WHAT? forgive me. I dunno. WHEN? last year. I mean, this year, 2017. In PC world nobody's memory works so I must consult this blog, scroll back in time (one day everyone will have mental bookmarks implanted, won't they?) to see which albums might be considered memorable worth mentioning in a round-up...

So here goes...

Broken Ground  - Christian Bouchard



Structures And Light - Group Zero









Some People Really Know How To Live - Shit and Shine
review







Hesaitix - M.E.S.H
review






Fuadain Liesmas -  Aclds
review forthcoming




Monika Werkstatt - Various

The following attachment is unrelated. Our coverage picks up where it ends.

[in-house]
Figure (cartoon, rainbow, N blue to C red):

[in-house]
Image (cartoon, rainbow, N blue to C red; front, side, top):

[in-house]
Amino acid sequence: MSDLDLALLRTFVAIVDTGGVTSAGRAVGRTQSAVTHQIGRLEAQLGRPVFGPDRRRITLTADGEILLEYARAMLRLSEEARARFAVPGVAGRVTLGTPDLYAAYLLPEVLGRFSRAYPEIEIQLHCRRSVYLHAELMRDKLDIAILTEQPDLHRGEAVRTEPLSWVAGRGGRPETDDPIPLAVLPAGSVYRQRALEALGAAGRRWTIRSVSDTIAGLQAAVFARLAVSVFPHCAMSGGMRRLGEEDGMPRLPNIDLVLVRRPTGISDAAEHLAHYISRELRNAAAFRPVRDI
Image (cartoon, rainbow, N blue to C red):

review






A Little Electronic Milky Way Of Sound - Roland Kayn (this didn't even make the Wire charts!?)
review





Entertaining The Invalid - Various
review 






Tuesday, 12 December 2017

Collaborative Soundworks by Les Horribles Travailleurs / MƩCHΔNICΔL ΔPƩ



Texture, abstraction, atmosphere...mood music for the apocalypse in your head. Who is not enduring small (or large) psychotic trauma on a daily basis? It's the modern world...in which other modern people go about their business, answering 'it' with just a 'sigh'. 

COMA †‡† KULTUR 

Pay what you want but somehow you will pay it all, (play it all) back...



Friday, 8 December 2017

Collage / King Tubby / Underground Resistance / Self-Portrait


All The Marks Of Identity Are Swept Away, RTomens, 2017

Wonder why...I'm not myself of late...




Self-Portrait, RTomens 2017

STARVE LIVING ARTISTS 
INTO SUBMISSION
DO NOT SHOP

Wednesday, 6 December 2017

Art: Monk's Mood - Tribute To Thelonious Monk